by Thomas Sullivan

Icy Dock SSD/HDD Conversion Kit Roundup



Icy Dock is perhaps the most prolific storage accessory company out there - case in point, in this review we look at a trio of 2.5" to 3.5" conversion kits. With street prices ranging from $15 to $30, the products are designed for almost any budget and interface need. On the high end is the metal SATA and SAS compatible MB982IP-1S. Icy Dock also sells a SATA-only metal version called the MB982SP-1S, although we don't cover it in this review. The mid-range MB882SP-1S-1B and entry-level MB882SP-1S-2B are SATA only and switch to black plastic to cut cost. They all simplify the issue of converting a 2.5" SSD or hard drive to the proper dimensions for mounting in a desktop or server. 

All three kits support 2.5" drives up to 12.5mm in height, while the MB982IP-1S goes up to 15mm for 2.5-inch enterprise drives, and have appropriate ventilation and support screw-less drive mounting. Where they vary is pretty much around build quality and the mechanism that locks the drives into place. With all three converters next to each other, the differences in quality and features are readily apparent. While at first glance, three trays that all do roughly the same thing may seem a bit overkill, but with each step up or down comes a price move; Icy Dock wants to have an option available for every budget.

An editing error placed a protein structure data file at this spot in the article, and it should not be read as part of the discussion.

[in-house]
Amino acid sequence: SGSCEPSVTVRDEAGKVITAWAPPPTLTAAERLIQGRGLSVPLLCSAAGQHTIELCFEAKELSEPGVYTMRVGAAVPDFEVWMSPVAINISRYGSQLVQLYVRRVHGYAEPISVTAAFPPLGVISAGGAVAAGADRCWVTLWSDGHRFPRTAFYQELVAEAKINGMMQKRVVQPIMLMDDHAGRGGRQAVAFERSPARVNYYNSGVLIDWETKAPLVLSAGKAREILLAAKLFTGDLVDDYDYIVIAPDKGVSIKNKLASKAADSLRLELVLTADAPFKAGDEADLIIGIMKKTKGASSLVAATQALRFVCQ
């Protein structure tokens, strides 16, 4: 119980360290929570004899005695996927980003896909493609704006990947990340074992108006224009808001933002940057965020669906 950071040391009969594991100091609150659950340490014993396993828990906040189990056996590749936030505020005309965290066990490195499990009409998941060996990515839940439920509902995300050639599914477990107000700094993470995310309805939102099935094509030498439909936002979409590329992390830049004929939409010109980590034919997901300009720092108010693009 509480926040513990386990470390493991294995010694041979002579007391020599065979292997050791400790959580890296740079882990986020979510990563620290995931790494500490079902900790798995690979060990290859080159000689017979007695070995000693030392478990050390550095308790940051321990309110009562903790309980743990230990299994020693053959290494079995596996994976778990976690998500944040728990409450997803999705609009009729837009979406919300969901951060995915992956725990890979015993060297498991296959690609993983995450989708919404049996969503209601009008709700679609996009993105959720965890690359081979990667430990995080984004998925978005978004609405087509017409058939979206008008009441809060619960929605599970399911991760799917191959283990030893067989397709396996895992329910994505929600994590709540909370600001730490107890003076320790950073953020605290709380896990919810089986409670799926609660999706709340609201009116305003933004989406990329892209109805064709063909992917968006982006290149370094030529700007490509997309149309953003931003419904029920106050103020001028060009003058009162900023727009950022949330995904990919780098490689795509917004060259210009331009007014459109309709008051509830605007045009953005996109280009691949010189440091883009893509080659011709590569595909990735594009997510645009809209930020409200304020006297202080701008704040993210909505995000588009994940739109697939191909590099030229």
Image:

The flagship MB982IP-1S features an all silver-SECC body and an internal metal automatic screwless mounting mechanism for locking drives into place. It's also the only one that also supports SAS drives. This unit features a spring loaded top cover that when closed, covers the drive and pushes it forward at the same time. When closed the adapter feels very solid and ready for at least a moderate level of abuse - though that's not recommended.

In the mid-range is the MB882SP-1S-1B. Icy Dock switched to a plastic body here, but still used metal for the automatic drive seating built into the lid. Even though the body is plastic, the unit still feels secure - it just lacks the flair of the silver SECC bodied kit.

The entry-level conversion kit is the MB882SP-1S-2B and takes a different approach to mounting the drive inside. Instead of having a tension and pivot assembly built into the cover hinge, it separates it into a pivoting bar inside the unit. When you have the drive placed inside the adapter and slide it back into place, the cover hits the bar and pushes the drive at the SATA connector inside.

Getting past the basic functions of each drive SSD/HDD adapter unit, all models passed our basic functionality tests. We mounted each adapter into one of our bottom-mount NAS drive sleds and verified the screw holes lined up, that they were properly machined, and that the SATA power and data connection was put in the correct spot. We also double checked each drive in our Corsair Obsidian 800D Full Tower hot-swap sleds and verified proper functionality through the adapter. All worked exactly as intended.


At the end of the day Icy Dock offers more choices than many may want to solve the issue of installing a 2.5" drive in a 3.5" bay, but more choice is always a good thing. All three kits work well and were very easy to setup without even breaking out an instruction manual. A buying decision will likely come down to how often you need to insert and remove drives in these conversion kits. If not often, the basic unit is fine - scaling up to the metal MB982IP-1S if you're a heavy user.


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